Essentially, DAC uses solar (or other renewable energy sources) to capture carbon dioxide from the air, bond it with hydrogen molecules and create burnable fuels molecularly identical to natural gas and diesel.
In other words, the process mimics a battery in its method of energy storage. It takes energy from the sun and stores it in a permanently exploitable fuel source.
Very soon, we will indeed be able to make fuel out of thin air.
Imagine a world powered by carbon-neutral fuels. The advantage here, in part, is that DAC fuels use the same infrastructural elements—pipes, gas stations, and the like—that already support our modern fossil fuel economy. Yet even using legacy distribution systems, DAC eliminates the environmental toll.
Perhaps most exciting, DAC could equalize fuel costs across the globe, democratizing immediate access. Remote or oil-distant regions, which currently suffer high fuel prices given long-distance transit, will be able to source their own fuel, regardless of geography. And not only will DAC fundamentally redefine geopolitics, but it will be an economic boon to nations like Australia, no longer in need of international oil shipments.
But captured CO2-to-fuel is just one of many exciting examples of DAC’s extraordinary potential.
Commercial Use Cases Are Limitless
In just the next few decades, we are about to manufacture a significant percentage of the world’s plastics and building materials out of the air.
Take concrete, for instance. One of the most widely used materials on Earth, second only to water, concrete now accounts for a whopping 7 percent of global CO2 emissions.
Yet as it turns out, injecting CO2 into cement as it’s being manufactured strengthens the mixture and produces a far sturdier end-product. This process also permanently sequesters CO2 into cement, largely offsetting the material’s high footprint.
Up until now, however, we had no cheap and abundant source of CO2 to achieve this. Yet with current DAC technologies and soon-to-come iterations, suppliers can now produce far more robust cement at lower costs.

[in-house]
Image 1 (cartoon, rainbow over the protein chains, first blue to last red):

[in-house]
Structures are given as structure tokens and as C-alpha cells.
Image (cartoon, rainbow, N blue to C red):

NRG COSIA Carbon XPRIZE finalist CarbonCure is one such enterprise. Having raised more than $9 million, the team is now developing its latest application of DAC to create carbon-neutral concrete.
Yet another XPRIZE finalist, Carbon Upcycling UCLA, utilizes CO₂ to create a product dubbed CO₂NCRETE. A low-carbon concrete-equivalent material, CO₂NCRETE™ has achieved a CO₂ footprint approximately 50 percent lower than that of traditional concrete. And the product is just as viable.
Or take Carbon Capture Machine, which can create carbon basic solids usable in a variety of applications. First, proprietary CCM technology dissolves CO2 from any source in dilute alkali and creates a building material.
Diving quickly into technicality: the carbonate solution reacts with readily and abundantly available calcium (Ca++) and magnesium (Mg++) brines to selectively precipitate CaCO3 (Precipitated Calcium Carbonate, PCC) and MgCO3·3H2O (Precipitated Magnesium Carbonate, PMC).
In success, these conversion products are carbon-negative, high-value feedstocks in great demand across countless legacy industries. PCCs, for instance, are currently used in paper-making, plastics, paints, and adhesives, while future applications in cement and concrete are now under development.
Cement PMC, on the other hand, is an entirely new product that can be cast into final shapes and thermally cured at low temperature. As a consequence, the solid undergoes spontaneous reaction bonding to form rigid solids (blocks, panels, tiles, etc.).
But beyond Earth-bound utility, DAC could hold countless vital applications in extra-planetary ventures.
With a 98 percent CO2 atmosphere, Mars could be an ideal target for DAC, not to mention an optimal source of needed commodities. To successfully colonize and establish a society on Mars, DAC could help us produce everything from fuel and food to 3D printed replacement parts and construction tools.
Even today, SpaceX’s intended Mars strategy largely relies on the conversion of CO2 into methane for rocket fuel. Meanwhile, NASA is hosting a $1 million CO2 Conversion Centennial Challenge, inviting teams to devise carbon utilization technologies that turn CO2 into sugar molecules on Mars.
Direct Air Capture will soon allow us to sequester gigatons of CO2 from the atmosphere, yielding material abundance for countless everyday products. By making CO2 a vital part of our economy, we can begin to derive incredible value from one of our principal climate change agents, currently emitted as a “waste” product.
And applications of captured carbon are near-limitless. Whether for fuel on Mars, smart city infrastructural equipment, or everyday plastic commodities, our atmosphere’s carbon reserves are free for the taking and will fundamentally transform our global energy and materials economy.
Welcome to the age of carbon-derived abundance.